In the late 1970s, I was a fool. I married the wrong woman and worked hard to get ahead.
In the early 1980s, I regained my sanity. I divorced my wife and escaped the rat race.
I owned a house, with a pool, before the marriage. After the divorce, my ex-wife owned a house and I had peace of mind.
I spent the next couple of decades trying to get my life together once again.
This included spending seven years bumming around the Arizona desert prospecting for gold, nine months back in L.A. doing computer contracts, a couple of years in the Arkansas hills writing four novels, doing rural field work for a data collection company in Chicago for a year, 10 months in Memphis doing a Y2K computer contract, working on the 2000 U.S. Census, six years teaching college computer courses and seven years writing a newspaper column.
Several years ago, I finally made it.
I once again owned my own home, paid cash, on 8 acres, with no neighbors, in the Ozark Mountains of northern Arkansas, where life is peaceful and time stands still.
So after I settled in, I sat on my back deck, watching the squirrels frolicking, beaming with pride that I had finally accomplished my goal of being free.
But I soon realized I had spent so much time and energy trying to reach this point that there was still something missing in my life. Not long thereafter, I started an on-line e-mail correspondence with a woman from my distant past that I had once admired.
We were in the same class in high school back in Minnesota but had never met. She had contacted me after a mutual high school friend sent her one of my newspaper columns.
We were cruising along just fine, getting to know each other, phone conversations, exchanging photos.
Then it happened.
I mentioned in one of the e-mails that I had been busy that afternoon creating a syllabus for a new class I would be teaching during spring semester at college. I even included a list of many of the categories that made up the syllabus. I presumed it would be of mild interest to her.
The following day, I received a rather abrupt, terse message in return whereby she made it clear she was well aware of the function of a syllabus, then referred to me as a “pedantic condescending hermshot.”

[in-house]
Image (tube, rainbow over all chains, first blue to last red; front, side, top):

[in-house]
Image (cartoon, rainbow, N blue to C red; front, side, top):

I didn’t know if that was good or bad but the entire note, what little there was of it, had a clear tone of anger to it.
Being a fairly normal male humanoid trapped on a planet half populated by humanoids of the female persuasion, many of whom tend to be slightly ditsy on occasion for no particular reason, my first reaction had to do with the possibility of a chemical imbalance and/or hormonal disturbance.
Next, I checked the original e-mail message I had sent her, but remained baffled. It seemed harmless to me.
I looked up the word “pedantic” in the dictionary. It means “too narrowly concerned with scholarly matters” or being overly scholastic. Since I didn’t know what the word meant in the first place, it was obvious proof that I wasn’t pedantic after all.
I also looked up the word “hermshot” but couldn’t find it.
So I wrote an e-mail back, explaining that my vocabulary didn’t include the word “pedantic” thereby eliminating it as a proper adjective to use when describing me. I also stated that I couldn’t find the word “hermshot” in my dictionary and would kindly like an explanation of the entire phrase.
The next day, I received an e-mail, much more relaxed in tone, explaining that she had been angry at the entire male species the day she wrote the original message and that her cat often prances across her keyboard when she’s typing. She went on to explain that she meant to call me a “pedantic condescending hotshot” but the cat must have messed up the last word in the phrase, hence the word “hermshot.”
What a relief. Here I was all in a dither over being called a pedantic condescending hermshot when there was such a reasonably logical explanation.
It all made perfect sense -- I was being punished for being a member of the male species and a cat had written part of the note. It was all so obvious I was almost embarrassed I didn’t figure it out in the first place.
The more I thought about it, the more I realized she was really paying me a compliment.
Pedantic means scholarly, condescending implies a position of superiority and a hotshot is someone who is talented.
She was basically telling me that I was a learned superior talent. But rather than convey her true feelings, she snarled at me in a pedantic and condescending manner.
She may have been snarling angrily on the surface, but subconsciously she was subtly implying that she admired my scholarly talents and distinct superiority.
As soon as I figured out the dynamics of her subconscious thought process, it became apparent how deeply she felt about me.
A pedantic condescending hermshot indeed -- it’s not every day I receive such lavish praise. She’s clearly attracted to me but unable to express it properly, probably in fear of rejection.
Then again, perhaps an angry snarl is just an angry snarl.
So once again I sit on my back deck, a pedantic condescending hermshot, waiting patiently for my soul mate to show up and put me out of my misery.
If I had any brains, I'd be content watching the squirrels frolic.
Quote for the Day – "Always do what's next." George Carlin
Bret Burquest is the author of 12 books. He lives in the Ozark Mountains with a few dogs and an imaginary girlfriend named Tequila Mockingbird.